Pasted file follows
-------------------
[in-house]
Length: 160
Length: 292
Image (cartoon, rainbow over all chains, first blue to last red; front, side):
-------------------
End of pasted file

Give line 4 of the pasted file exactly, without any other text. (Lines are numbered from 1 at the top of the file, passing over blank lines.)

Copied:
Image (cartoon, rainbow over all chains, first blue to last red; front, side):